Recommendations are independently chosen by Reviewed’s editors. Purchases you make through our links may earn us a commission.
Facebook is the toast of the tech world, rocky IPO notwithstanding. But for all the talk of a mobile, app-based future, Big Blue's mobile apps are constantly playing catch-up with the browser-based version. Facebook is a photo-sharing service first and foremost, yet Facebook apps still treat it as an afterthought.
Plenty of third-party apps can post photos to your wall or timeline, but none of them take full advantage of Facebook's photo features. Instagram was the first social photo app to emerge as a real contender, so Facebook bought the small startup for a billion bucks—nipping the competition in the bud and bringing along some mobile expertise. Hot on the heels of that acquisition, Facebook has released their first dedicated photo app, the aptly titled Facebook Camera for iOS.
What It Gets Right
Tagging is finally made simple. Until now, tagging friends in photos from your phone has been as fun as sitting in traffic. Now it's integrated into the upload and sharing process. On the whole, the shooting and sharing process is pain-free. There's an in-app camera, but it also pulls in your entire camera roll for sharing. Location info and privacy settings can also be tweaked prior to uploading.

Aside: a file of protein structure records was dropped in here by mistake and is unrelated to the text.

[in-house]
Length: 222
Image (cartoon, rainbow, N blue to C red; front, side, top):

And for those of us who think that the standard Facebook news feed is full of too much inane chatter, the Facebook Camera news feed strips it down. There's a slick new like/comment/tag interface, but by default, it displays just photos and captions.
What It Could Do Better
As a standalone photography app, it's nothing special. Edits are limited to cropping and a handful of chintzy filters and effects—not the same filters that made Instagram so popular. Users can only post to their own timelines, not any of their pages or friends' timelines.
Worth A Download?
Well, it's free, but there are hundreds of better photography apps and just about all of them can post pictures to Facebook. Tagging alone should be compelling enough for Facebook junkies to make the switch, but the rest of us might as well keep using our apps of choice. The next version needs to be a more complete version of what Facebook has to offer—integrate Instagram's strengths, or better yet, just fold all of the features into one complete Facebook app.